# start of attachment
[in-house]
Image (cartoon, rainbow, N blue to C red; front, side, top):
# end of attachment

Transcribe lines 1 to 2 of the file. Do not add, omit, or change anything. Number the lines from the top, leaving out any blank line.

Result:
[in-house]
Image (cartoon, rainbow, N blue to C red; front, side, top):